From obesity to liver cancer: Can we prevent the worst?

February 19, 2020

Hepatocellular carcinoma, a very common liver cancer linked to the presence of fat in the liver, is one of the leading causes of cancer death worldwide. With the increase in our sedentary lifestyle and in the sugar and fat content of our diet, the number of individuals at risk is on the rise. Scientists at the University of Geneva (UNIGE) have discovered a protein involved in the progression of a "fatty liver" towards cancer. This protein, S100A11, could not only allow early detection of the risk of developing liver cancer, but also open the way to new targeted therapies. These results, published in the journal Gut, highlight the close links between our diet and cancer development.

Hepatocellular carcinoma is the most common liver cancer. It can occur in the context of a chronic liver inflammation caused by excessive fat accumulation. Obesity is therefore an important risk factor for the development of this cancer. The difficulty in detecting it and the lack of targeted treatment contribute to the severity of this disease, which causes the death of more than 700,000 people per year worldwide. Moreover, with almost 41% of the Swiss population being overweight or obese, the extent of this cancer is likely to alarmingly increase in the next decades.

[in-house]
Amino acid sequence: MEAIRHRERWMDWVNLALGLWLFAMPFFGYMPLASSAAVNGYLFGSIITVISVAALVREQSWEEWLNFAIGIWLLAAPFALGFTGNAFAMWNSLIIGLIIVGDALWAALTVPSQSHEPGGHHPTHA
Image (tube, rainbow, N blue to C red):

When fat triggers liver sickness

Among the largest organs in our body, the liver performs essential functions and is involved in the storage of sugars and fats from food. If the diet is too caloric, liver cells accumulate the excess of energy under the form of fat, a pathological condition called fatty liver disease. Inflammation and build-up of fibrous tissue can then develop and even lead to cirrhosis or cancer. These dysfunctions, initially asymptomatic, often go unnoticed or are considered benign. "We already know that a fatty liver can become inflamed and progress into cancer, but very little is known about the molecular mechanisms responsible for these pathologies", explains Michelangelo Foti, Professor and Director of the Department of Cell Physiology and Metabolism at UNIGE Faculty of Medicine, who supervised this work. "Fatty liver disease already affects nearly 30% of the world's population and will very quickly become a major public health problem."

A protein network involved